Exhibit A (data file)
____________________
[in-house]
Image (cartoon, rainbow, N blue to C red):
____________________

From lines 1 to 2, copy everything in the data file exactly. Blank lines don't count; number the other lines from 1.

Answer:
[in-house]
Image (cartoon, rainbow, N blue to C red):